Unlike ibuprofen, the R form of the NSAID ketoprofen is not converted significantly into the active S form in the body. The rationale for a single-enantiomer form of ketoprofen is therefore more clear, since (R)-ketoprofen provides no particular therapeutic benefit to the patient. The active S enantiomer of ketoprofen has indeed been developed as a single-enantiomer drug (called dexketoprofen) and has the advantages of requiring a lower dose and having more rapid onset of action as compared to the racemic form.

Our final example, the NSAID naproxen, was developed from the beginning in a single-enantiomer form, (S)-naproxen, and has never been approved for use as a racemic mixture. The original manufacturing process for (S)-naproxen involved the synthesis of racemic naproxen, which was then “resolved” (separated) into its two enantiomeric forms. In this industrial process, the actual production of racemic naproxen accounted for just one-third of the total manufacturing costs, the other two-thirds were associated with the laborious separation of naproxen enantiomers. Subsequent improvements in the resolution process have reduced overall manufacturing costs significantly however.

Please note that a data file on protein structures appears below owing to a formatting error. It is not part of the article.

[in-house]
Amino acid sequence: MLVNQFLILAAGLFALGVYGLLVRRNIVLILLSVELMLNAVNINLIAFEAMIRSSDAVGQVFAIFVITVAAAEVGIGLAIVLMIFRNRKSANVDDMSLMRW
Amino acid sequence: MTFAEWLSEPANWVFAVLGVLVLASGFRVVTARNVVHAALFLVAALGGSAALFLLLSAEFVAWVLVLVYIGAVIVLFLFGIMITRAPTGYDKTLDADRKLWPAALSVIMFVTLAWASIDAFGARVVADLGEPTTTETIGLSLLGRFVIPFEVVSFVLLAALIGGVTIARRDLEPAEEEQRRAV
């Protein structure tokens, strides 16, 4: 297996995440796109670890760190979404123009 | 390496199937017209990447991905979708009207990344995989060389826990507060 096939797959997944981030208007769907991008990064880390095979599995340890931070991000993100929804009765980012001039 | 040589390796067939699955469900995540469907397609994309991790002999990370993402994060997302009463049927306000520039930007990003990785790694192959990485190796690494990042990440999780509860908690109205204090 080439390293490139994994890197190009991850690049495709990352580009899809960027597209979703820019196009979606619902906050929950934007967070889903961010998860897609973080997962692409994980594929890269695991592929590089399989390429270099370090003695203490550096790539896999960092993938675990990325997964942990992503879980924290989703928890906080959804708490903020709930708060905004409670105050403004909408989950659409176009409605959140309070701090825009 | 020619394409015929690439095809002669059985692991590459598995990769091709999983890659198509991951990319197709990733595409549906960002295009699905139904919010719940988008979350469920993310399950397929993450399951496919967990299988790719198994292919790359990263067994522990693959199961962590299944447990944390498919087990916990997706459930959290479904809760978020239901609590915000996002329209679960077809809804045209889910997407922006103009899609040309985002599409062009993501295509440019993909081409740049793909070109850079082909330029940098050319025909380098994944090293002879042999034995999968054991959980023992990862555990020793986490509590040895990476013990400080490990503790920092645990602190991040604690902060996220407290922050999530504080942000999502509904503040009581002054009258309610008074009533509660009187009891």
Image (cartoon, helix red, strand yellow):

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Jul 12, 2017 | Posted by in BIOCHEMISTRY | Comments Off on Study—Racemic and Non-Racemic Drugs